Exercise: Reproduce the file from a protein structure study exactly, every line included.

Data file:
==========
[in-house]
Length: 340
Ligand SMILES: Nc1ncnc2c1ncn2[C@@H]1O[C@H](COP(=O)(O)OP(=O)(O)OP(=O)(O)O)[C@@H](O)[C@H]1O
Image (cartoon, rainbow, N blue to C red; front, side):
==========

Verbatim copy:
[in-house]
Length: 340
Ligand SMILES: Nc1ncnc2c1ncn2[C@@H]1O[C@H](COP(=O)(O)OP(=O)(O)OP(=O)(O)O)[C@@H](O)[C@H]1O
Image (cartoon, rainbow, N blue to C red; front, side):